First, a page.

Even on his way out the door, White House Legislative Affairs Director Phil Schiliro still won’t take credit for his role in making the 111th Congress one of the most productive in decades.
Schiliro, the quiet force behind President Barack Obama’s strategy for working with Capitol Hill, will point to just about everyone else on his team of 20 as the reason for the president’s successful legislative run over the past two years.
But the former chief of staff to Rep. Henry Waxman (D-Calif.) concedes he did one thing right as he oversaw negotiations between the White House and Congressional leaders on dozens of major initiatives, the least of which included health care reform, a financial regulatory overhaul and an economic stimulus.
“I didn’t mess it up,” he said.
Lost in this week’s news about Egypt and Obama’s budget recommendation was the fact that Schiliro stepped down from his post as the top White House liaison.
Not that he’ll be going far: He’s moving to another office 20 feet away, where next week he’ll begin his less defined job as a senior adviser to Obama. Schiliro said he was ready for a change after his “pretty intense job” of running the legislative affairs shop, though he said he wasn’t leaving because of burnout.
“It was a great two years. Most people who worked in Congressional affairs who have the job I had do it for two years or a little bit less,” he said. “It seemed like a good time to make a change.”
Schiliro can point to victories during his time in the legislative affairs shop — the biggest he said was averting an economic collapse in early 2009 — but he will clarify that none is his alone. They are “the president’s successes” and “the team’s successes,” he said.
And Schiliro has consistently steered clear of the press throughout his White House run because, he said, he didn’t want any focus on himself while his team was working to get things done.
“Interviews don’t advance what the president’s agenda is,” he said.
But his value at the White House is clear: When Schiliro initially made it known that he planned to vacate his post at the end of the last Congress, White House Chief of Staff William Daley stepped in and persuaded him to stay on longer amid a major staff restructuring. Daley was among the changes; he recently replaced Rahm Emanuel.
“Phil has made extraordinary contributions to the president’s success, and I’ve asked him to slow his departure in order to lend his wise counsel and guidance in the transition period ahead,” Daley wrote in an e-mail to White House staff last month.
And Schiliro’s top deputies have described him as “a legislative strategic genius” and “the fulcrum” that helped translate Obama’s top priorities into a practical plan of action for Members.
Rob Nabors, who took over as legislative affairs director this week, had nothing but praise for Schiliro and the way he ran the legislative affairs operation.
“I am proud and slightly overwhelmed whenever anyone even implies that I could be the ‘new Phil,’” he said.
Nabors, who previously served as deputy director of the Office of Management and Budget and was a senior adviser to Emanuel, said he has been learning from Schiliro over the years that they have worked together. Nabors also served as the staff director on the House Appropriations Committee when Schiliro worked for Waxman.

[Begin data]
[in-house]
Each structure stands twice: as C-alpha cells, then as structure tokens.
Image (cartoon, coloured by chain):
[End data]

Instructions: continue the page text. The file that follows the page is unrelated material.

Schiliro’s success as the legislative affairs director lies in him being “very good about giving the staff the room to run and do their job,” Nabors said. He is “incredibly thoughtful and strategic,” but he “doesn’t opine on everything. Just the important things,” Nabors said.
Nabors said he is fortunate to already know the legislative affairs team “pretty well” because Schiliro made a point to bring him into meetings over the past two years. And it doesn’t hurt that Nabors considers Schiliro one of his “closest friends.”
Schiliro didn’t have much advice for Nabors but signaled that his experience on Capitol Hill will prove essential for managing the twists and turns of an unpredictable legislative process.
“Generally, things take longer than you think they will,” he said, noting the only real surprise that he encountered on the job was that “we were able to keep to schedule pretty regularly.”
Despite the administration being criticized for falling behind on health care reform, Schiliro said many were surprised it passed by March 2010.
“So even though people had the sense we were running behind, from a Congressional standpoint, that was lightning quick,” he said.
It remains to be seen how long Schiliro will stay at the White House; he’s coming up on 30 years of public service, a tenure that makes him very attractive to the private sector. But he maintains that he hasn’t “really thought about that” and, for now, is focused on sorting out what he will do in his role as a senior adviser to Obama.
“The president has some things he wants me to work on; he thinks there are a couple things more to do before I go,” Schiliro said. “So that’s what I’m going to do.”
Sen. Kirsten Gillibrand, D-N.Y., speaks with reporters following a vote in the Senate. Gillibrand’s proposal to remove military commanders from the process of reviewing sexual-assault cases was left out of the bicameral deal on the defense authorization bill, but the senator is pushing for a vote on her plan soon.
Each year since 1990, CQ Roll Call has reviewed the financial disclosures of all 541 senators, representatives and delegates to determine the 50 richest members of Congress. This year's report, derived from forms covering the calendar year 2012, shows it took a net worth of $6.67 million to crack the exclusive club.